Skip to navigationSkip to content
A sales assistant watches the TV broadcast of the first presidential debate between U.S. Democratic presidential candidate Hillary Clinton and Republican presidential nominee Donald Trump, in Seoul, South Korea, September 27, 2016.
Reuters/Kim Hong-Ji
The world was watching.
WORLD VIEW

Key global markets are enjoying a “relief rally” after the US presidential debate

By Zheping Huang & Jason Karaian

The general consensus is that Hillary Clinton bested Donald Trump in the first US presidential debate last night (Sept. 26). The markets that are rising in early trading today reinforce that view.

As the debate took place, some markets moved immediately. The Mexican peso, which has moved inversely with Trump’s chance of winning presidency during the campaign, jumped by 2% against the dollar not long after the debate began, its biggest gain in months.

Trump has pledged to build a wall along the Mexican border and thinks that NAFTA has been a “disaster.” As a result, the Canadian dollar also rallied after Clinton appeared to take the upper hand in the debate with Trump, but not by as much as the peso.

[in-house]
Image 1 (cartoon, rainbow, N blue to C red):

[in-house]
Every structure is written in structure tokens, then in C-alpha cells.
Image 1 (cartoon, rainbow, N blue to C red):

It’s been ”very much a relief rally in risk assets” on the day after the debate, Sean Callow, a currency strategist at Westpac in Sydney, told Bloomberg. Safe-haven assets like gold, the Japanese yen, and US treasuries, by contrast, have lost ground. Gold, which generally rises when investors are fearful of economic growth prospects, skidded downwards during the debate.

Asian investors were preparing for a sell-off if Trump got an edge in the debate, as Quartz reported earlier. Trump’s comments about slapping steep duties on Chinese imports, and generally dim view of America’s trade relationships, are of particular concern to export-dependent economies across Asia. After the debate, key benchmark stock indexes in the region mostly gained ground.